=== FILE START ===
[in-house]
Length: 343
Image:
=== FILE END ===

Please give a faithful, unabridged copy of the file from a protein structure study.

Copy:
[in-house]
Length: 343
Image: